What Happens to Romantic Relationships
If you weren't born yesterday, you know that time is responsible for a boatload of changes; some of them good, some, not so good.
Recently, I attended a story book wedding. The bride was beaming; the groom was gleaming. They were obviously smitten with each other. She passionately toasted her “amazing, awesome, astonishing husband who makes me feel so good about myself.” He, in turn, ardently toasted his new wife as “loving, caring, beautiful- inside and out- and my best friend. What a lucky guy I am.”
It was a magical evening. The invited guests were marinating in the ambiance of love. It warmed the hearts of all. Almost all, that is. But not Mrs. Scrooge.
One step away from the reception line, she muttered (in much too loud a voice), “Just wait. She’ll wise up soon enough. Marriage is for men’s benefit. Women get the raw end of the deal.”
Her mate took the bait. “What are you crazy? Marriage is a woman’s game. She’ll suck him dry soon enough. I give him six months before he turns into a wuss.”
Everyone rolled their eyes and wished this couple would just shut up. They were spoiling the moment. Magical weddings tap deep, wondrous instincts in those who still believe in fairy tales. Why, oh why was this crass couple intruding on the moment? It was annoying and grossly inappropriate.
Yet, most people in the room knew what they were talking about. Starry-eyed love is nature’s anesthetic. No pain. Only glorious adoration and ardor. And then, over time, as every couple knows, the anesthesia wears off. Damn it!
Many attempt to dodge the change. Still, they find themselves becoming annoyed with traits that they previously found attractive. Her vibrancy now feels like “can’t she ever relax?” His self-confidence now feels like “why does he always think he’s right?” Still, they’re patient with one another, minimizing the differences, apologizing for the judgments.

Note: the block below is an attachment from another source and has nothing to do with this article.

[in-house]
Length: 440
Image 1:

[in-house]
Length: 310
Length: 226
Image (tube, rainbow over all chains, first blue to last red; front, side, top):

Discord is evident. But so what? Nobody’s perfect. No relationship is without its crinkles and creases. As time elapses, however, romantic love may recede further from everyday life. The anesthesia is long gone. The pain is felt. Tolerance wears thin. Instead of gazing into each other’s eyes, they sit in silence, gazing at their electronic gizmo as they gobble down their meal.
Nagging differences have morphed into full-blown annoyances. He wants to watch the game; she wants to talk. He wants to doze off with the TV on; she needs quiet. He eats with no regard to cholesterol or cost; she hones in on diet and dollars.
If romantic love has faded from your relationship, don’t panic! All is not lost. Other stages of love can be quite wonderful. But you have to compromise. If you can’t be with the love you had, then love the one you’re with.
You may find it hard to do. You may feel betrayed. “You changed; you’re not the person I thought you were.” And you’re right. But neither are you. Once, you were lovers steeped in the ethos of a romance novel. Now, you’re a real-life couple sketched in a chapter of a self-help book. What a descent! Bummer!
Though the snags in your relationship may be significant, I hope you never become like that crass, cynical couple at the wedding. Sure, you’d just like to whisk away your troubles and return to the days of romantic love. But that’s not going to happen. Yet, consider this possibility.
Perhaps, the relationship struggle you’re experiencing right now is what’s supposed to happen. Perhaps, it’s growth trying to take place. Though it may be the last thing your conscious mind desires, it may be just what you need to develop, renew, expand and flourish as a complex human being.
Linda Sapadin, Ph.D. is a psychologist who specializes in helping people enrich their lives, enhance their relationships and overcome self-defeating patterns of behavior.
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